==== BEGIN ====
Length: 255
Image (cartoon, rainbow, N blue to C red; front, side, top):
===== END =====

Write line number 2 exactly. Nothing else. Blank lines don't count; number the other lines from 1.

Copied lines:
Image (cartoon, rainbow, N blue to C red; front, side, top):